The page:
So check it out and if you like what you see sign up for a membership! This is a great summary of each season in Ontario but also for all the other provinces and states and there are always some interesting articles about bird distribution in North America plus lots of great photos.

Note, there are apparently a few pages missing so be sure to check back tomorrow for the complete version.

Here's the link:

Thursday, 21 March 2013

Barred Owl irruption

Tonight on my way home from work I saw a Barred Owl...this has been a pretty regular occurrence this year and I am already up to 17 observations! Last year with a similar length commute through similarly good Barred Owl territory I had 6 observations by this date.
Barred Owl in Prince Edward County on Feb 23, 2013

So why the difference?  It seems that Barred Owls are more conspicuous this year partly because they are very hungry, so they are out earlier in the evening, later in the morning and sometimes all day trying to find some food.  It seems that hunger has also pushed more further south this winter. Barred Owls showed up on several Christmas Bird Counts where they don't normally (like the Kitchener count, where 2 were found on count day). Just check out the eBird map for this January-March:
Barred Owls reported to eBird during January to March 21, 2013
 And compare that to last year's map for the same period:
Barred Owls reported to eBird during January to March 2012
It seems like a good guess that for the same reasons that pretty much every irruptive bird species left most of the northern forests this winter (lack of tree seed crops) that small mammal populations have also dropped off, leaving Barred Owls (and Great Grays, Northern Hawk and Boreal Owls) with no choice but to head south in search of better foraging grounds. It likely also helps that it seems like Barred Owls had a pretty good breeding season: the Ontario Nocturnal Owl Survey reported a record high count of Barred Owls last spring and most of the Barred Owls I have seen and photographed have been young (born in 2012) birds.

Barred Owls were likely once common in forested southern Ontario but they are surprisingly rare there, with only very scattered individual pairs south of Toronto- check out the Ontario Breeding Bird Atlas maps to see what I mean. As forests mature in southern Ontario though maybe these big irruptions will help re-establish the species there.

Monday, 11 March 2013


Lame title, eh? Well, I have a bunch of stuff so I figured I'd put it all into a single blog post.

Last weekend we were visiting Erica's parents and as has become quite normal recently, we found some Gray Partridges right near the farm.  Erica's parents have even seen them right up on their lawn this winter.  Anyways, I had my best looks ever at this species:

Note the black belly on the male

Last week while out at lunch with some colleagues, we noticed a huge emergence of stoneflies (Plecoptera).  This was happening all along the Otonabee River in Peterborough.  We grabbed a specimen and kept birding when we eventually noticed some Bohemian Waxwings enjoying the feast (fruit has become fairly scarce here).  I checked Birds of North America Online and found a specific reference to Bohemian Waxwings eating stoneflies- go figure!  Rob eventually ID'd our specimen as a species of Allocapnia (Plecoptera: Capniidae):

Small Winter Stonefly (Capniidae): Allocapnia spp

On the same outing we had nice looks at both male and female hybrid Mallard x American Black Duck:
male ABDU x MALL hybrid

female ABDU x MALL hybrid

And finally, Erica and I got to watch a Sharp-shinned Hawk make a kill (Common Redpoll) from our feeder area last week. I got some photos and video of it enjoying the snack:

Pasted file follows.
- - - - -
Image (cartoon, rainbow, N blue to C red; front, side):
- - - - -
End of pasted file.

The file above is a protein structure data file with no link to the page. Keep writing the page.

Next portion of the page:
In this photo you can see the dark red eye, a trait of (adult) male Sharp-shinned Hawks; although in real life the size made it instantly clear that this was a male.

Spring migration is a GO

Had a chance to get out and see some early spring migrants on the weekend in my (current) local case you're trying to keep up with where I currently call home, right now it is near Belleville (yes, I know the "about me" section still says Bancroft...).

On Saturday Erica and I checked out Bleasdell Boulder Conservation Area (one of our many local CA's).  It was a short walk through some cedar forest and then into more decidous trees, including some nice Shagbark Hickories.  The boulder itselft was pretty big, in fact it is apparently Ontario's largest glacial erratic.  Not too many birds around there but the sun was so nice it felt good to be outside.

Of course, we took the long way there (don't tell Erica!) along the Trent River and we were rewarded with a nice pair of Eastern Bluebirds and an adult Bald Eagle.  Despite the nice weather the wind still hadn't switched to the south, so no blackbirds were back yet (that we found).

Sunday was a different story, and I got up early (well, earlier then Ken at least) to see what had arrived overnight.  I decided to tour around Prince Edward County, a place I am still getting to know.  My first stop was in Rossmore, just after crossing the Bay of Quinte on the Bay Bridge. As I was crossing I was surprised to see a large patch of open water on the east side of the bridge so I pulled over to scope the waterfowl.  I was pleasantly surprised to see my first Wood Ducks and to hear a few Killdeer flying over.  See my full checklist.

give it a week or two and we'll amazingly be tired of seeing this!

The rest of the morning was spent travelling out the Waupoos Peninsula then over to Wellington.  The south shore of the Waupoos Peninsula had lots of open water and lots of ducks, but nothing unusual.  Wellington harbour was good as usual for ducks with a nice selection. See my full checklist.  Red-winged Blackbirds were common all over and American Robins and Common Grackles were also pretty widespread.  I also had a couple of singing Song Sparrows to really make it feel like spring might be here. All-in-all I picked up 41 species in the morning without working up a sweat...

Today was also good for newly arrived birds. I checked out Little Lake at lunch with a couple co-workers and had a nice selection of ducks, including my first Northern Pintail of the year.  No sign of Devin's Wood Ducks though. I was amazed to see how similar some of our counts were today to what I had 1 year ago on March 12 at the same location.

Anyways, it is always an exciting time of year for sure...even if we get more winter weather the blackbirds and ducks will keep on coming.  If you are like me, you'll like keeping an eye on some of these resources related to bird migration:

eBird maps - great for watching as species get closer and closer!
Birdcast - weekly migration forecasts!
Windmap - never leave home without it!
Nexrad - good for checking at night to see big bird movements
(and of course all the great blogs on the right of your screen)